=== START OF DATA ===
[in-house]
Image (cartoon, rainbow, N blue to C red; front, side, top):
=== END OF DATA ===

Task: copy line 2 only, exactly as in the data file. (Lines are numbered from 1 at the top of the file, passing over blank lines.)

Image (cartoon, rainbow, N blue to C red; front, side, top):